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Swim Meet 101

What is a swim meet?
Our regular season meets consist of competition between the Marlins and one other team from the Morris County Summer Swim League (MCSSL). The MCSSL consists of 11 teams with pools that are either 25 meters or 25 yards in length. Each pool has either 5, 6, or 8 lanes. At a 5 lane pool there are 4 “official” (scoring) lanes with 1 “unofficial” lane that is rotated between teams. At a 6 and 8 lane pool each team gets an equal amount of lanes so they are all “official”. The first heat of each event is able to score. For relays, first place receives 7 points. For individual events, first place receives 5 points, second receives 3 points and third receives one point for their team. At the end of the meet all scores are tallied.

At the end of the season, the League holds a Championship meet known as the Meet of Champions (MOC). At this meet, the top swimmers from each team compete against one another for best times. This is not a scoring meet. Swimmers must compete in THREE dual meets to be eligible for the MOC. The League sets limitations on how many swimmers may compete in each event.

How many events can my swimmer participate in during a dual meet?

The League limit is 3 official individual events and 1 relay OR 2 official individual events and 2 relays per swimmer.

What happens during inclement weather?

Meets: The decision to swim is made by the home pool (coaches or managing staff). Meets may also be cancelled or postponed due to harsh rain or thunderstorms. E-mails will be sent from the coaches as soon as any decisions are made. If you see the weather is questionable, check your e-mail before you leave the house.

What should we pack to bring to a meet?

  • Team Swim Suit
  • Team Cap plus an extra cap in case one rips
  • A towel (or two)
  • Goggles
  • Water Replacement fluids are important!
  • Snacks.   At most meets, there are concession stands that have drinks, bagels/pizza, and other snacks. Be aware that sometimes there is a line for these food items, and your swimmer doesn’t want to miss their next event by waiting in the concessions line. If you are looking for ideas to pack your own snacks, granola, a sandwich, fruit, nuts, or dried cereal work well. Your swimmer will get hungry!
  • Some swimmers like to bring a collapsible chair to sit on in between events, or a pad or sleeping bag to lay on. Some swimmers bring a book or cards to play to pass the time, but the best activity is to watch and cheer for your team mates.

What is a heat sheet?

The heat sheet is hung up at the beginning of the meet. At home meets, the sheets will be hung on the baby pool fence. It contains the order of events, as well as dividing the swimmers into different “heats” or groups.

The number of extra heats per event is decided by the home pool. At home meets, we try to get all swimmers in at least one event, hopefully two. At away meets, we cannot guarantee any number of swims, but we do out best to make sure all swimmers are in one event.

The major divisions of a heat sheet are; EVENT HEAT LANE

The EVENT will have a number, a stroke title, and an age demarcation. For example; “EVENT 3- Girls 8 and under – 25Y Freestyle.”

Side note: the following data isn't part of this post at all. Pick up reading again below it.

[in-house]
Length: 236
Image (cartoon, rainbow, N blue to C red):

The HEAT will be which group of swimmers go first, second, third etc. These groups or heats are often grouped from fastest times (heat 1) to slowest times (last heat).
The LANE will be assigned to each swimmer, so that they know which set of blocks to get up on, and where to swim. You can write this information down on a piece of paper, copied from the wall where the hosting team has posted the sheet. Often for younger or new swimmers, we write on their hands to remind them when they are swimming. (it doesn’t have to be a “sharpie” or water proof ink, just a regular pen will work.)

You can write something like this on the back of their hand:

  • E / H / L
  • 3 / 3 / 7
  • 7 / 4 / 4
  • 11 / 2 / 8

Meaning, their first event is event 3, in heat 3, in lane 7.

Their second event is event 7, in heat 4, and in lane 4.

Final event is event 11, heat 2, and lane 8.

How do we know which event we are on?
The starter will announce each event. Teach your swimmers from the beginning to know what events they are swimming, to check the heat sheets to know where they are in the meet. It seems overwhelming at first, but one of the great things that kids in swimming learn is how to be responsible for where they need to go and how to monitor the meet progress. Until that time though, there will be plenty of help from coaches and the volunteer Marshalls to help your swimmers.

What is the order of races?
100 Medley Relays 10 & Under (girls then boys) 

200 Medley Relays 11 & Over (girls then boys) 

100 IM 12 & Under (girls then boys)

100 IM 13 & Over (girls then boys)

ALL FREE 8 & Under Girls/Boys, 9-10 Girls/Boys, 11-12, 13-14, 15-19
Step up Relays (girls then boy)

What is a DQ?
It is a disqualification from an official indicating that there was some element of the swim that did not meet the USA swimming rules for that given stroke. It means that the time your swimmer got in that event will not count, as the swim is invalid. DQ’s are a learning tool, and designed to help all swimmers become proficient in their sport. There is not a swimmer anywhere that has not had many DQ’s! It helps swimmers know what they need to work on and should be viewed in an entirely positive light. You can still focus on the good things your swimmer did even if they got DQ’d. Help your swimmer to be proud of their new accomplishments! Starts off the blocks, turns, mastering new strokes like butterfly and breaststroke, maintaining consistent kicking and breathing, cheering for a team member, getting to the blocks on time…….there are many things to be proud of and to support your child in.

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